Democracy in Latin America: Visions and Realities

Democracy in Latin America: Visions and Realities

Democracy in Latin America: Visions and Realities

Democracy in Latin America: Visions and Realities

Synopsis

This important new volume collects articles that evaluate different models of democracy, challenging the realities and myths of the practice of democracy in various countries throughout the region. This is a provocative and revealing study of the critical issues in the struggle for democracy and current events in the Third World and the United States. Through the writings of leading Latin American and U.S. scholars, including James Petras, Pablo Gonzalez Casanova, and Max Azicri, the book addresses such important topics as whether Washington's "model democracies" are truly democratic, and how Guatemala's civilian regime compares to Nicaragua's revolutionary democracy.

Excerpt

The two years since the initial publication of this volume have seen many new developments, yet remarkably little structural change, in the hemisphere. the contradictions of the "redemocratization" schemes have become clearer, as crises have worsened in "civilian" regimes compromised with (or run by) counterinsurgency armies. Haiti -- briefly a Reagan administration "democratic success story" -- exemplifies most dramatically the instability of the model. the experiences of Guatemala and El Salvador -- and even some of the Southern Cone "democracies" (such as Argentina and Uruguay) -- leave few illusions as to the viability of counterinsurgency states in which "democracy" is reduced to a civilian facade. At the popular level, however, there are genuinely new developments; mass-based social movements are growing more rapidly than ever, even in the face of unmanageable economic crises. Increasingly these movements defy control by even the most repressive state apparatus and begin to develop their own models for popular democracy. Although still incipient, these phenomena open up new alternatives for the future.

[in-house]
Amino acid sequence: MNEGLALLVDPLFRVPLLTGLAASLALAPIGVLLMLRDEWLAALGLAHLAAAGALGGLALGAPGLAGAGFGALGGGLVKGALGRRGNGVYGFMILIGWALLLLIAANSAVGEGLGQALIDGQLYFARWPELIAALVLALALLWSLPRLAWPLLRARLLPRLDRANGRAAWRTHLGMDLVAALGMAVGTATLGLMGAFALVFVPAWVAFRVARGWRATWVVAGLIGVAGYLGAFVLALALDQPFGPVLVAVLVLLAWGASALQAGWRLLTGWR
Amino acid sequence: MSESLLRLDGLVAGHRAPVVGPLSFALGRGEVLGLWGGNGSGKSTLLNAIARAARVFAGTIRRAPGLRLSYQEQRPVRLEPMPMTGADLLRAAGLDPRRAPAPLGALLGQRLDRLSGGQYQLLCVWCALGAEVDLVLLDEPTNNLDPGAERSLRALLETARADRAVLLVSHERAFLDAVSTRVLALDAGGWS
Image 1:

In a second arena, Reagan policy -- specifically the Reagan Doctrine embodied in the "rollback" policy against Nicaragua -- has been discredited by Contragate and weakened by its own internal contradictions. U.S. military aid to the Nicaraguan Contras, at its height in the mid-eighties, has now been suspended, as its destabilizing consequences eventually forced even the staunchest of U.S. allies in Latin and Central America to seek an alternative (hence Contadora and the Central American Peace Accords). the development of a new "relative autonomy" on the part of Latin American governments vis-à-vis the United States -- an incipient restructuring or redefinition in the . . .

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